RESIDENTS living near the new Greasley Beuavale Primary School said they disagreed that the noise of schoolchildren playing outside was a problem.
Following the revelations last week that Broxtowe Borough Council was considering monitoring noise at the Newthorpe school after a spate of complaints, the Advertiser went to ask residents living nearby if the noise was an issue.
The residents in Greasley Avenue we spoke to said the noise was not a problem, however they revealed their frustration at the loss of value to their homes caused by the ‘eyesore’ of the new-build.
They now want the council to plant trees to block their view and put yellow lines on the road so they can get out of their driveways hassle-free.
Margaret Jones said: “The parking is a nightmare. You have to go into the school to ask them to move.
“It’s a very narrow road so people parking on the left means we can’t get our cars out.
“The look of it is awful. The colour is intrusive. If it would have been beige or grey or green it would have blended in,” she added.
One resident who lives round the corner and did not want to be named said: “It’s the sight of it. There was no need to build it like that. It’s an eyesore.”
“The council told us they have no money to buy trees and we’ve got to buy our own. It’s ridiculous.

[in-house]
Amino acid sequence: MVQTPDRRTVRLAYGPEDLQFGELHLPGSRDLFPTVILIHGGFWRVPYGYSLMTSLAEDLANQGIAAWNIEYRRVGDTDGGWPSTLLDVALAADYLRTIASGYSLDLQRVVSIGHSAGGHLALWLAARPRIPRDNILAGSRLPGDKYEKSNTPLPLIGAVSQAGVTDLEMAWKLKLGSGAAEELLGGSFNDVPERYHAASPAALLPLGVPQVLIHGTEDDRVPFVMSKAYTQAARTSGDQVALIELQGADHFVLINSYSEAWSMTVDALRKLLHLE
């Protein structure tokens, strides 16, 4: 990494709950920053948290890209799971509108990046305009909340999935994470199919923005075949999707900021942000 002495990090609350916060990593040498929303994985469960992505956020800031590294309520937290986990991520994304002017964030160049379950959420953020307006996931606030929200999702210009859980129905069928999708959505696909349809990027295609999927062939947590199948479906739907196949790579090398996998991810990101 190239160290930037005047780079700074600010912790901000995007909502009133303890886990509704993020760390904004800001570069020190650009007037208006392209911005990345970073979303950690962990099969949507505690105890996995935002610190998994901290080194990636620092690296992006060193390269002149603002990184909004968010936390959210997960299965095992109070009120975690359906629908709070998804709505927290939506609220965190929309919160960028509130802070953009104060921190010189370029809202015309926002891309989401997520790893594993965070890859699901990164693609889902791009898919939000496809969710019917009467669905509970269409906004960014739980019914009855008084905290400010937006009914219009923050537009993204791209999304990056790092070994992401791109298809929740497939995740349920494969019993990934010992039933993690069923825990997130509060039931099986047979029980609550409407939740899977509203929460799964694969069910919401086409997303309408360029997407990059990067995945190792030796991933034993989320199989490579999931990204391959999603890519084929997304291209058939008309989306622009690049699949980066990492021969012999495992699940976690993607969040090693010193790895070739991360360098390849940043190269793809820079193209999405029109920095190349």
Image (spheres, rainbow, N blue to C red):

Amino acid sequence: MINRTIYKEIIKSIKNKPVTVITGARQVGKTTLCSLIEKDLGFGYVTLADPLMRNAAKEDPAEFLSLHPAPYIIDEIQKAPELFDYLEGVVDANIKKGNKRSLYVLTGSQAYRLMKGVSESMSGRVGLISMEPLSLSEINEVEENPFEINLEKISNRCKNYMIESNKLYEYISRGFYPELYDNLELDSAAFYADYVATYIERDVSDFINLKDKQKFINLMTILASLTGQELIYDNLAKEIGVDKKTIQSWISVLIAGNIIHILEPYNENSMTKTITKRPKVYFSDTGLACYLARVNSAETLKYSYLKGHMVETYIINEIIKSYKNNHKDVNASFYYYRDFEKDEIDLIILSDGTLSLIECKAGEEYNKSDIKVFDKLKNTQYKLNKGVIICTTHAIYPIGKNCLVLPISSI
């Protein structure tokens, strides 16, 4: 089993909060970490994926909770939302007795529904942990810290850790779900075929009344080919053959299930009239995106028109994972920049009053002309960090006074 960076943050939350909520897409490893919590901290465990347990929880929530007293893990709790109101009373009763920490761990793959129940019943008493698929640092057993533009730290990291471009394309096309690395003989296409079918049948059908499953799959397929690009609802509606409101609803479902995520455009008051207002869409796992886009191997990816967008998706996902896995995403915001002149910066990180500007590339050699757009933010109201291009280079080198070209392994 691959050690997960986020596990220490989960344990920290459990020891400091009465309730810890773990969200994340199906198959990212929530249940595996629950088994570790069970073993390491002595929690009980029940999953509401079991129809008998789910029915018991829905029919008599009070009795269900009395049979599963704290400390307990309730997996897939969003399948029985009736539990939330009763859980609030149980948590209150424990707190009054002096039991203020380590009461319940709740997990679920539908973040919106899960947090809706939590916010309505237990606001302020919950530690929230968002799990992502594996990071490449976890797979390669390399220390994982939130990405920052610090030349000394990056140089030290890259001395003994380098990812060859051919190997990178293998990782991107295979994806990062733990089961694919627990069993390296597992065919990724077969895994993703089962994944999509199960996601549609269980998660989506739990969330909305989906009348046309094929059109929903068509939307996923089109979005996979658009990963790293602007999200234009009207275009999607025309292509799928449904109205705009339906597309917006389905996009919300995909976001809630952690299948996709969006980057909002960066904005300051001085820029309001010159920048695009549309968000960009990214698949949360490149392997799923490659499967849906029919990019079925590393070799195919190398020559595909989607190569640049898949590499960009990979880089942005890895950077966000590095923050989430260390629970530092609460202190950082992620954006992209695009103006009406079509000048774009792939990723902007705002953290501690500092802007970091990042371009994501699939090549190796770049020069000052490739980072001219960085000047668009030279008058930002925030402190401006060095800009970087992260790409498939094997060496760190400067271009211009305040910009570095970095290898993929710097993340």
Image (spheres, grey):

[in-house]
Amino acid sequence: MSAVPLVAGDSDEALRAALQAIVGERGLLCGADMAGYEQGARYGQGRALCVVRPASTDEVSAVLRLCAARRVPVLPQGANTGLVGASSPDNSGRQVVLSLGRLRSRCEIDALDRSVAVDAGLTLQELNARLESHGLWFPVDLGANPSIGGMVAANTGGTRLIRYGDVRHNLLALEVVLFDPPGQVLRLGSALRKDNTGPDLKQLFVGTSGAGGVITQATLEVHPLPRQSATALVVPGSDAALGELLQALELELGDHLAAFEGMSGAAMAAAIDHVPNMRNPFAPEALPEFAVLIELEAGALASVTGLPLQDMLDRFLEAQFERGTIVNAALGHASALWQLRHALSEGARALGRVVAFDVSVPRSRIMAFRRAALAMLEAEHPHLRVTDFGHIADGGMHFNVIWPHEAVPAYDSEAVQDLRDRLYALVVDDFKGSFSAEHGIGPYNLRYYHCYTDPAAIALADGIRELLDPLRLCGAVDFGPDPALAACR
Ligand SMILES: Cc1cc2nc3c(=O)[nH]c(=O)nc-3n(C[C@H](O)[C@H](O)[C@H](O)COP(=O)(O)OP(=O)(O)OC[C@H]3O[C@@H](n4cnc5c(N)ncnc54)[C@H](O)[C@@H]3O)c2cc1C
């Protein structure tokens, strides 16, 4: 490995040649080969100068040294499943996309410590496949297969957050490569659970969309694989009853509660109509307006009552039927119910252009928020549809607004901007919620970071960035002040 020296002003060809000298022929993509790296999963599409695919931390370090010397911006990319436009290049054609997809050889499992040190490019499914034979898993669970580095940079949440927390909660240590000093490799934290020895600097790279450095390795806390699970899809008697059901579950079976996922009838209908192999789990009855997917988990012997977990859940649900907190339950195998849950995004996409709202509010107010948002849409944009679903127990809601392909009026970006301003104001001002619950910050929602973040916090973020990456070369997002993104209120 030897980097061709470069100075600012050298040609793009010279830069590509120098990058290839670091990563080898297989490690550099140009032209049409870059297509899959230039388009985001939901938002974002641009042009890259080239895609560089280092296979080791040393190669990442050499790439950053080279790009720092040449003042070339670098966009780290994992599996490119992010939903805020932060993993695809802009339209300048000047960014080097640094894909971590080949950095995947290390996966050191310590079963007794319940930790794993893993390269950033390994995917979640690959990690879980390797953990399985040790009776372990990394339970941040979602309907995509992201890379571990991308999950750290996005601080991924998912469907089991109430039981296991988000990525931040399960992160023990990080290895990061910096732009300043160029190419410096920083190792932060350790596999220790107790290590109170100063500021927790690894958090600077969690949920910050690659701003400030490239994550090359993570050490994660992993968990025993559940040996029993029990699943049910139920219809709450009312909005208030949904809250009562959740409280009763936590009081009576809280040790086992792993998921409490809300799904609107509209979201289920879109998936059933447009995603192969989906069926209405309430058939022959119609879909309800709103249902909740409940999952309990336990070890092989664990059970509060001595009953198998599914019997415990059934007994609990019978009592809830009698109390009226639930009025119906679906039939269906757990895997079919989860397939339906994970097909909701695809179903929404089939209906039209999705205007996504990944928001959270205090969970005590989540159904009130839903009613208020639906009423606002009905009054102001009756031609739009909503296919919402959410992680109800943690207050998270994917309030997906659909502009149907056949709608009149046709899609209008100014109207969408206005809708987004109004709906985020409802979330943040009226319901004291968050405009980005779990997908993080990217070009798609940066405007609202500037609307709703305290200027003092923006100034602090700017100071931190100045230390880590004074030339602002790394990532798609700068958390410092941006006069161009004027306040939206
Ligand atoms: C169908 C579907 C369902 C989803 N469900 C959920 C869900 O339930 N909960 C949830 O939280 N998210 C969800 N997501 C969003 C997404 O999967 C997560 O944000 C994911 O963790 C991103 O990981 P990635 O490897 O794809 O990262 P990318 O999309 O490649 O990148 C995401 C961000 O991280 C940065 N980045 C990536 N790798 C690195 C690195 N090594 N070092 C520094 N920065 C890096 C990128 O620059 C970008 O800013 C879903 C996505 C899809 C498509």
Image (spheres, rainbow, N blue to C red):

“I know people say we need schools, but this house was our pension. No-one will buy it now, I can’t imagine how much value it’s lost.”
The new school building replaced the old junior school site building on the same plot of land. However the building used to be further away from the Greasley Avenue properties, with the playground nearer to them, which they said they did not mind.
“If they had built it in the same place we would have had no reason to complain,” said Mrs Jones.
“I don’t have a problem with the noise of the kids. I have lived here for years and my kids went to that school.
“Before the new building went up, the playground used to back straight onto my driveway. It doesn’t bother me at all. I actually loved the noise of the kids all day.”
Ian Parker, the council’s district highways manager for Broxtowe, said he was happy to meet with the residents to discuss the issue about the yellow lines.
Patrick Robinson from the council’s property services said trees have already been planted around the site, although the residents argue they are not big enough.